Onto my daily report, as the Governor shared, our hospitals reported 1,797 hospitalizations of COVID-19 positive patients in PUIs. Hospitalizations have been declining, but 62% of COVID patients are in the intensive care unit, and they are on ventilators. There are a total of 2,753 reports of the CDC variants of concern in New Jersey; 2,735 of those reports are the UK variant B-117. Additionally, there are 76 reports of the P-1, otherwise known as the Brazilian variant; 6 reports of the South African variant B-1.351; and 136 reports of the California variants, of which there are two, B-1.427 and B-1.429.
Fortunately, there are no new reports of multi-system inflammatory syndrome in children Cumulatively, we have experienced 115 cases in New Jersey. One of these children are hospitalized. There are no new cases among residents at the veterans' homes, and no new cases among patients at the psychiatric hospitals.
As of April 22nd, our daily percent positivity in the state is 6.44%. The northern part of the state, 6.46; the central, 5.61; and the southern part of the state, 7.85. That concludes my daily report. Please continue to stay safe, mask up, physically distance, stay home when you're sick, get tested, and let's get vaccinated. Thank you.
Governor Phil Murphy: Judy, thank you. Either you read two places in the world jumped out at me today. We mentioned India, which is a complete tragedy and an overwhelming one in terms of numbers. The other's Michigan still in our country, and the point that really jumped out for Michigan – for India to me, it was variants, and maybe they let their guard down a little bit early on; I can't tell. Michigan, it was how this is really striking a younger demographic, and we're seeing some of that; thank God nothing like that. So thank you for all of that.
I previewed this a minute ago. Ed has been incredibly important, period, but especially at making sure every step of the way through the arduous process of getting the losses of life to be as precise and accurate as possible including a constant vetting of the probable losses of life, which I assume we will update on Wednesday as we normally do. Also Ed has spent a significant amount of time trying to true up the positive test case and overall test results, and it's in that vein we'd love to ask Ed to make a few comments today. Thank you.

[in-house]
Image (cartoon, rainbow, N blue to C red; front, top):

Medical Director Edward Lifshitz: Thank you. Yes, every day, thousand of entries related to COVID-19 are made into the department's database. Reports are processed from literally hundreds and sometimes thousands of laboratories, local health departments, and healthcare providers. While checks are in place to minimize errors, inevitable a small number of inappropriate cases, overwhelmingly duplicate cases, are created. As part of an ongoing process, the Communicable Disease Service routinely reviews the database to correct these errors. This is reflected in our daily numbers where we typically subtract out a small number, usually in the double digits, from our previously reported total cumulative cases.